Tuesday, January 29, 2013

Back to writing

I’ve spent the last few weeks doing a lot of marketing and promotion for my nine novels and it has paid off. My main blog, ALWAYS WRITING has reached a milestone 250,000 + page views, and the other sites that I post blog articles have reached a combined 150,000 + page views. Not bad for the twenty months they have been in existence.

Now that I’ve reached a comfortable level of exposure it’s time to get back to the business of writing books. I did manage a 20,000 word outline of a planned six book dystopian series, and also broke out an old manuscript from last year; a YA literary fiction novella about teenage drug abuse in the 1980’s. The manuscript only took six months to write so if I don’t think it’s worthy of publication it’ll go back into the drawer. It wouldn’t be the first manuscript collecting dust in that drawer and it won’t be the last. I believe readers deserve a rich, storytelling experience and I won’t publish a book that I don’t think possesses those qualities. 

I’ve never written one book at a time. What I usually do is write two or three beginnings to different projects and then spend a few hours plotting out the gist of each. I’ll then write an intro paragraph for each one and continue on with the concept that most hooks my interest. I’ll write until a rough, first draft is complete (usually about a month). Then I’ll put the draft aside and start the process all over again with new ideas.

When I’ve got two complete rough drafts, I’ll work on both simultaneously, writing one in the morning and the other in the early afternoon. When both novels are nearly complete, I’ll choose one to work on exclusively until it is perfect (perhaps, another two months).  Once that novel is finish to my strict and insane standards, I send copies off to my editor, formatter, and cover artist to put the book into production. 

As the chosen book begins marketing and promotion, I’ll start the novel-seeking process all over again with three new story ideas. The remaining, nearly complete manuscript will sit in the drawer until I finish the first draft of my next new project. Then that one will sit and maturate while I spend time fixing the previous manuscript. This method allows for one heavily edited, thought-out, and finished manuscript about every six months, which is about pace with what I’ve achieved over the last two years.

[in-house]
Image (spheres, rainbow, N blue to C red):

Friday, January 25, 2013

Keeping up with the world

Two years ago, after amicably parting ways with my literary agent of four years, I decide to take destiny into my own hands and publish my books in eformat. I had a huge collection of completed and professionally edited novels and decided that publishing one every three months seemed feasible. So, that’s what I did.

Little did I know I was on the cusp of an indie publishing revolution. My books were available at the right time, for the right audience, and at the right price. Kindles and Nooks were the new “it” device to have, and readers who were once against reading a story electronically, suddenly realized the ease in which they could purchase and carry along their favorite books. My sales went through the roof.

I’m not saying I was a bestselling author, but my books all ranked in the low thousands for a time. Then something strange happened, my sales started to drop. I wasn’t doing anything different than before. I still spent an average of two hours a day marketing my titles, on top of the two hours a day I spent writing new material. Yet, my rankings kept slipping.

I decided to look deeper into this new age of publishing and what I discovered is frightening.

It seems anyone who’s ever written anything is now publishing it on the internet. Last year, Amazon reported about 20,000 new titles being published a month. This December it was over 80,000. That’s a lot of competition! And these new publishing folks are savvy marketers even if they’re not great writers. They’re using Utube, and audio conversions, and video’s, and social media, and a thousand other techno resources to peddle their stories to the masses. 

So, where does that leave the introvert, artist, novelist who cares about his books as if they were his children?

As I get older and more experienced in my writing, I’ve come to realize that it is the story that is most important. It is eternal once written. To create something that effects people, or entertains, or changes their perspective about life, is what any real writer hopes to achieve. Sure, there are gimmicks and tricks, and social media, and threads to artificially raise awareness of your book, but if it was written as a piece of merchandise just to have out there, chances are it will fail.